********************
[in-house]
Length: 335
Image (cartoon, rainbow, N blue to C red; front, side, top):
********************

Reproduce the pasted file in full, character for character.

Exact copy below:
[in-house]
Length: 335
Image (cartoon, rainbow, N blue to C red; front, side, top):